The paper considers the synchronisation of dynamical subsystems by interactions. Asymptotic synchronisation means that all subsystem outputs asymptotically follow the same trajectory. Literature has considered this problem mainly for linear or nonlinear subsystems with diffusive couplings, which appear as physical couplings among the subsystems or as digital couplings among the local subsystem controllers.
A basic assumption requires the subsystems to have identical dynamics. After reviewing the main results for the synchronisation of linear subsystems, the presentation investigates the robustness of synchronised systems with respect to deviations of the subsystems or the couplings from the assumptions mentioned above.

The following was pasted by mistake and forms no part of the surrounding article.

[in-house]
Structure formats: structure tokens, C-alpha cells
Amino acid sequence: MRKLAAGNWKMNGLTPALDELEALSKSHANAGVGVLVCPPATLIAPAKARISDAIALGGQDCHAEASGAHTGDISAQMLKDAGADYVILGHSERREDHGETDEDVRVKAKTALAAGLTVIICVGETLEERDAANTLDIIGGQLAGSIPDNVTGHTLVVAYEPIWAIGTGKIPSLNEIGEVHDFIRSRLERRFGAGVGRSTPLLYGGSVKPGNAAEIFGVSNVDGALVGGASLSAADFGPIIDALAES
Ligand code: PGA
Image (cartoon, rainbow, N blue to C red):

It shows that for oscillator networks even infinitesimally small changes of the agent parameters make the overall system to become asymptotically stable and, hence, not synchronisable with respect to a non-trivial synchronous trajectory. An investigation of this phenomenon shows why the property of synchrony is so sensitive with respect to the subsystem parameters. Consequently, the synchronisation theory of linear multi-agent systems is not applicable because no-one can produce identical agents. Research on synchronised systems has to be directed to a larger class of systems, for example, to affine subsystems like Kuramoto oscillators or to more general nonlinear subsystems like limit-cycle oscillators.